And let’s talk about that stain. I don’t wanna give away too much of what’s going on here, but the stain continues to grow as it feeds off of the roaches and rats in the house, bleeding them dry. As it grows, though, the stain begins demanding more than rats and roaches; it needs something with more substance, and Walt seems more than willing to oblige. Kurtz does a really phenomenal job here describing the various stages the “stain” goes through. What starts as a stain on the ceiling becomes … well it becomes something way more advanced. I couldn’t help but think of Clive Barker’s story “The Hellbound Heart,” the story that later became HELLRAISER. Kurtz’s attention to details as the “stain” grows is nothing short of horrifying. The stain, which eventually takes a human-like form, demands more and more from Walt. First blood, then small animals, and ultimately humans. The whole time Walt is torn by the ever-increasing demands of the monster, but he’s also compelled to satisfy it.
What I really love in BLEED is that no one is safe. Just when you think a character is out of harm’s way Kurtz throws us a curveball. Besides Amanda and Walt, there’s other characters that exist on the periphery of Walt’s life and get sucked into his ever increasing violent world. There’s Amanda’s best friend Nora, Walt’s sister Sarah, Walt’s closest neighbor Dudley Chapel and his wife Rose, and some kid’s from his class, Hershal, Brandon, and Alice. Alice is perhaps the most fleshed out character as we learn a lot about her home life and what really makes her tick. She’s a great character and Kurtz develops her beautifully.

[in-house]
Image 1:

What’s that? Wanna know about the gore? This novel is filled with disturbing passages, grizzly descriptions, and enough blood and gore that could fill four novels!! Check out this passage (I’m leaving out the names of the characters here so as not to spoil anything):
[Unnamed character] cried out with pain and horror as he watched the jagged glass fragment sink into [another unnamed character’s] face, scraping noisily over her teeth before exiting through the other cheek. The creature then gave the shard a sharp yank and it ripped through the flesh, meeting the ends of [unnamed character’s] mouth. Now it all formed a single gaping gash from one jawbone to the next. Blood gurgled up, flooding her mouth and spilling out on the bed. The cackled with mad glee.
Of course this isn’t a perfect novel. As characters start disappearing after they go visit Walt at his house it seems like it’s pretty obvious what’s happening. But Walt never gets a visit from the police or from the husband’s of other characters who were last known to be visiting Walt. And if you’re looking for a solid explanation as to what the hell the stain is and how it grew into … into that creature, well you might be disappointed. Personally I think the explanation was completely satisfying; it’s not spoon-fed to us. But I can see that some people may not be too thrilled about the explanation.
I really enjoyed this novel. Kurtz is no doubt a force to recon with on the horror scene and I can’t wait to read his future novels in the years to come. His crisp, fast-paced writing, excellent character development, and his ability to write some truly grizzly scenes will have you turning the pages at lightening speed. As you read BLEED you’ll at times be reminded of the works and minds of Clive Barker and David Cronenberg, and that’s some pretty damn good company. This is a fun, gory creature novel by a really fresh and original voice. Highly recommended.
Author: Ed Kurtz
Plot: 4 out of 5 stars
Gore: 8 out of 10 skulls
Zombie Mayhem: 0 out of 5 brains
Reviewed by Scott Shoyer